return next;
}

State pourAB(State &s)
{
State next;
int sub = limitB - s.curB;
if (s.curA > sub)
{
next.curA = s.curA - sub;
next.curB = limitB;
}
else
{
next.curA = 0;
next.curB += s.curA;
}
next.opnum = 5;
return next;
}

State pourBA(State &s)
{
State next;
int sub = limitA - s.curA;
if (s.curB > sub)
{
next.curB = s.curB - sub;
next.curA = limitA;
}
else
{
next.curB = 0;
next.curA += s.curB;
}
next.opnum = 6;
return next;
}

Node *bfs(State start)
{
sq.push(start);
visit[start.curA][start.curB] = true;
Node* n_start = new Node(7);
nq.push(n_start);
while (true)
{
State now = sq.front();
sq.pop();
int A = now.curA;
int B = now.curB;
int Op = now.opnum;
for (int i = 1; i <= 6; i++)
{
State snext;
snext.curA = snext.curB = 0;
snext.opnum = 8;
switch (i)
{
case 1:
if (A == limitA) break;
snext = fillA(now);
break;
case 2:
if (B == limitB) break;
snext = fillB(now);
break;
case 3:
if (A == 0) break;
snext = eraseA(now);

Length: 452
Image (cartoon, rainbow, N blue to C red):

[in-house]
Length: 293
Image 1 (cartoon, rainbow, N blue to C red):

break;
case 4:
if (B == 0) break;
snext = eraseB(now);
break;
case 5:
if (A == 0) break;
snext = pourAB(now);
break;
case 6:
if (B == 0) break;
snext = pourBA(now);
break;
default:
break;
}

if (snext.opnum == 8) continue;
if (visit[snext.curA][snext.curB]) continue;

sq.push(snext);
visit[snext.curA][snext.curB]=true;
Node* temp = new Node(snext.opnum, nq.front());
nq.push(temp);

if (snext.curA == target || snext.curB == target)
{
return temp;
}
}

nq.pop();
}

}

void print(Node* n)
{
if (n->father->opnum != 7)
print(n->father);
cout << operation[n->opnum] << endl;
}

int main()
{

while (cin >> limitA >> limitB >> target)
{
while(!sq.empty()) sq.pop();
while(!nq.empty()) nq.pop();
memset(visit, false, sizeof visit);
State start;
start.curA = 0;
start.curB = 0;
start.opnum = 7;